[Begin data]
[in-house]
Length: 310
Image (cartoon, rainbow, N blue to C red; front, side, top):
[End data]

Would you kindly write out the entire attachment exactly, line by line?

[in-house]
Length: 310
Image (cartoon, rainbow, N blue to C red; front, side, top):